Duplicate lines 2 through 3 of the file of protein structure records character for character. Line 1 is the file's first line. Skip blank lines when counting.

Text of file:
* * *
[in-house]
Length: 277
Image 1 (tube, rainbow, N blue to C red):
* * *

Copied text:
Length: 277
Image 1 (tube, rainbow, N blue to C red):